Record Mirror, the most supportive mainstream pop / rock magazine when it came to black music, reflected this in a new column, ‘Disco Date’, which appeared on 21st September ’74, stating that it would be “featuring news about what’s going on in the discos around the country”. It included a Disco Top 10, with Carl Douglas at number 1, K.C. & The Sunshine Band’s ‘Queen Of Clubs’ at 2 and ‘Rock The Boat’ by The Hues Corporation at number 3.
The name of the column would change to ‘Disco Sounds’, before they settled on plain and simple ‘Discos ‘in Oct ’74, announcing that “Suddenly discotheques are big business on the pop scene. Single-handedly they’ve pushed black music back into the charts”. ‘Discos’ would be compiled by a variety of people (Dave Johns, Dave Longman, Randy Nicholls, John Rainford and Eamon Percival). In November ’74, an advertisement headed ‘Disco Hits’, with info about the releases of Disco Tex & The Sex-O-Lettes ‘Get Dancin”, ‘Tell Me What You Want’ by Jimmy Ruffin and ‘Never Can Say Goodbye’ by Gloria Gaynor appeared in the magazine, along with a full page ad for Pye’s Northern Soul geared Disco Demand series, and on Dec 7th ’74 they published the ’1st National Disco Top 20′, a new monthly chart.
Then, on June 28th 1975, James Hamilton, who’d previously reviewed US singles for the magazine, took over ‘Discos’ with the title of the column changing to ‘James Hamilton’s Disco Page’ (although it would revert back to ‘Discos’ later down the line, bar a short period when it was called ‘Disco Kid’). He laid out his credentials in an introductory statement, talking about his DJ background, which stretched back for over 13 years. He mentioned how he’d started out as a DJ in London and New York, and that during the mid-’60s his main interest was Soul music. Recalling when he was doing weekend All-Nighters, as James ‘Doctor Soul’ Hamilton, alongside Guy Stevens at The Scene in Soho, the famous Mod club, he said “I played nothing but Northern Soul…on its first time around”. In 1968 he went mobile and began to play a wide range of music.
This set the scene for what was to transpire a few years down the line, when New York Disco culture began to make a direct impression on what was happening in British clubs. Hamilton was its channel, gradually informing his readers of developments across the Atlantic. The introduction of the 12″ single in 1976 was, of course, a landmark, but the fact that this format had come about because NYC DJs were playing continuous music, going from one record into the next without using a microphone, barely registered with DJs here.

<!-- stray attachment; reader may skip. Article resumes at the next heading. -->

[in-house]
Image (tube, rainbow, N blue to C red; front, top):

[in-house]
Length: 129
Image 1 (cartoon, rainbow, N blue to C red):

So, for the next few years mixing was pretty much completely dismissed as an irrelevance in this country. The personality DJ was highly valued, none more so than Chris Hill, head honcho of the South’s increasingly powerful Soul Mafia, and best remembered for his club nights at Canvey Island’s Gold Mine and the Lacy Lady in Ilford. Hill was arguably the UK’s first superstar club DJ and, although he was widely respected for playing the latest black music in his venues, it was his often outrageous patter that set him apart from all others. Chris Hill very much set the benchmark back then.
Mixing finally began to create a bit of a stir in 1978 when, in October, CBS’s club promotions department, now under its new US styled title, the CBS Disco Pool, issued a limited edition album (available only to DJs on their mailing list) called ‘Instant Replays’. Greg Lynn, formerly the club promotions man from RCA but now the CBS Disco Pool manager, had brought in two “exponents of the disco mix” to help him put together what he described as;
“nine choice tracks of current singles, 12″ disco discs and album cuts…segued together to provide two sides of non-stop dancing music – an ideal aid to the DJ who needs a break during his gig or as a starter to the evening’s proceedings”.
The ‘exponents’ were James Hamilton and Graham ‘Fatman’ Canter, the DJ from the one of London’s leading black music clubs of the time, ‘Gullivers’ in Mayfair.
The previous year Fred Dove from WEA (Warner/Elektra/Atlantic) had come up with the blueprint, issuing 2 continuous promo only LPs that featured a selection of artists he was currently plugging (including The Trammps, Cerrone, Slave, Boney M, Lamont Dozier, Mass Production, Dennis Coffey, George Benson and CJ & Co). WEA was notoriously the most difficult mailing list to get onto, but those DJs who were fortunate enough to be included got a service second to none, receiving not only the latest UK releases, but also US imports (including future hits by artists like Chic, Sister Sledge, Gino Soccio etc). However, whilst the WEA albums were loosely edited together, and could hardly be called a mix in the full sense of the term, Greg Lynn (who had taken a leaf out of Fred’s book by mailing out selected imports himself) now took things a stage further with a more measured approach to what he termed ‘non-stop segued music’ on the cover. In his sleevenotes he enthused;